How to Green a Business - Simple Steps to an Eco-Friendly Bottom Line
by Derek Markham
No business owner relishes spending extra money for something that won’t immediately pay for itself with increased revenue, and greening one’s operations is such an endeavor. However, one common misperception is that going green costs money that cuts into the bottom line, when in fact, some options will end up saving money, adding to profits or making it possible to offer lower-priced products and services than the competition. Here’s how:
1Integrate green into the business plan: Start designing green elements into any business from day one or as soon as possible.
2 Write an environmental mission statement: Craft a green mission statement, display it prominently and review it periodically. Having a clear vision helps to define being green and communicate it to customers.
3 Join green business groups: Use green business networks to learn from others or to form partnerships or collaborate. In an effective network, any associated cost will likely pay for itself through increased knowledge, customers and collaboration.
4 Appoint a sustainability director: Make one person with authority responsible for coordinating green efforts, tracking results and being accountable for increasing sustainability.
5 Practice green marketing: Add digital messaging to the mix, using social media, a blog and banner advertising. The Internet provides a real-time network for communicating with business stakeholders.
6 Operate a green office: Take office supplies, materials and space to the next green level by making eco-friendly choices, which may mean eliminating some items entirely. For example, replace disposables with a durable or permanent equivalent.
7 Choose renewable energy: Power operations with renewable energy or invest in alternative options.
8 Choose green communications: Explore obtaining telephone and Internet services from a green or socially responsible company. Use teleconferencing or video calls to reduce transportation and explore the many free options available, such as Skype.
9 Implement paperless banking and billing: Choose electronic bank statements, invoices and billing for suppliers and utilities. Use the computer to send and receive faxes instead of producing printed copies.
10 Green the air: Clean indoor air by using live plants. Install an air filtration system to protect employees and customers.
11 Clean green: Purchase eco-friendly alternatives for cleaning and maintaining the office and manufacturing sites; a greener alternative exists for just about any related need.
12 Build a culture that’s conducive to reusing and recycling: Making both the norm means such initiatives will flourish without having to continually change people’s habits.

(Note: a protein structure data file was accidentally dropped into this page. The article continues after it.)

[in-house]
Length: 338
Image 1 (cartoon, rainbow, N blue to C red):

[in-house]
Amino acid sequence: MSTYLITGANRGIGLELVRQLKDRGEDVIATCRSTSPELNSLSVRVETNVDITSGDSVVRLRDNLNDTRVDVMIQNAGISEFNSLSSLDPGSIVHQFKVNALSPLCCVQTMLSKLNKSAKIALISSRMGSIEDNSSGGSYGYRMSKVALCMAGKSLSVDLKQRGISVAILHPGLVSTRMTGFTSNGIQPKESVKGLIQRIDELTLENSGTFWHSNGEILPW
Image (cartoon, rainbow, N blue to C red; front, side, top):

13 Encourage alternative transportation: Give employees incentives to carpool or ride bikes. Provide telecommuting options.
14 Source from green suppliers: Investigate sourcing options and give more weight to green businesses. Purchasing from a green business doesn’t always mean extra cost, and might make more sense overall.
15 Use local materials and services: Local sourcing helps eliminate excess transportation, while also supporting the community.
16 Find new materials: Investigate non-obvious alternatives. The greener option may not have a much higher cost, and might also be used as a green marketing hook.
17 Conduct a life-cycle assessment: Current manufacturing processes might include unnecessary steps or materials; assessing product life cycles can identify cost or time savings.
18 Combine processes: Analyze how combining two or more operations may save time, money and energy.
19 Maintain equipment at maximum efficiency: Regularly clean equipment fans and filters and stick to a maintenance schedule. Well-maintained equipment delivers increased efficiency and prolonged life.
20 Use waste: Can any waste be used in any way as a resource?
21 Make something green: Take an everyday item and create a green version of it. New niches pop up all the time.
22 Collect rainwater: Install recycling equipment to irrigate landscaping. Find used, 55-gallon drums instead of purchasing new containers, and practice xeriscaping to decrease water requirements indoors and out.
Going green in business can go hand-in-hand with making more money, through cost savings, increased sales or both. Communicating your green messages also helps create compelling arguments for customers to choose to do business with you, and might just lead to opening up new markets for your products or services.
Derek Markham is a regular contributor to GreenMarketing.tv, the basis for this piece. Connect through his website at NaturalPapa.com.